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WSJ cited data from multiple auto data providers that show the market shift and what appears to be an emerging discount wave on new vehicles, granted lending standards remain tight.
The number one reason auto manufacturers experienced a profit boom during Covid was due to supply chain disruptions that led to inventory declines, and cheap credit allowed consumers to panic buy anything on the dealer lot, driving prices through the roof. Now inventory lots are filling up.
According to data provider Cox Automotive, the weekly supply of vehicles at dealerships jumped to 740,000, or about 70% higher, in March than a year before.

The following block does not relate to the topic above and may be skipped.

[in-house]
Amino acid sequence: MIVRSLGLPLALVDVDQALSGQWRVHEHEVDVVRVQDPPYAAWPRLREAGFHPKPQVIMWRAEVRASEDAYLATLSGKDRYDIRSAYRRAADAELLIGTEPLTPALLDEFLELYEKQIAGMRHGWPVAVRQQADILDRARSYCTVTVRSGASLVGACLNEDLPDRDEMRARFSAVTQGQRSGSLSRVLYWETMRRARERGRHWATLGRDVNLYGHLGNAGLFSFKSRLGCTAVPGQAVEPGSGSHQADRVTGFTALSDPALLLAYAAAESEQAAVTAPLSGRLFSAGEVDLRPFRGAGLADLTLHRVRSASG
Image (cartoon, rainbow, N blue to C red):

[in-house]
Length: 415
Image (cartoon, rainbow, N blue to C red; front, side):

More supply at dealers and a declining pool of creditworthy Americans means any remaining buyer has renewed bargaining power. This has led to increased vehicle discounts last month of 3.3%, up almost a percentage point compared with the same month the previous year, according to new estimates by J.D. Power.
Combinate the flood of new supplies with an affordability crisis as new-car loan rates have nearly doubled, and it's becoming evident that a discount wave is only just unfolding, leading to a future profit bust for automakers.
Meanwhile, Paul Jacobson, Chief Financial Officer at General Motors, knows turmoil is coming, as he told journalists in New York this week that high cash flows are needed to fund new ventures into electric vehicle programs. Jacobson said cost-cutting efforts are underway.
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